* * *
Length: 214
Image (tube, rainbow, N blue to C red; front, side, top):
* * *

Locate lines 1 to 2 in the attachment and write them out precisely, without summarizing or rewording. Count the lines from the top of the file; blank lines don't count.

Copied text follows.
Length: 214
Image (tube, rainbow, N blue to C red; front, side, top):